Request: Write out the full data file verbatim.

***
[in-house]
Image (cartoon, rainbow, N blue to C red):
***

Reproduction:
[in-house]
Image (cartoon, rainbow, N blue to C red):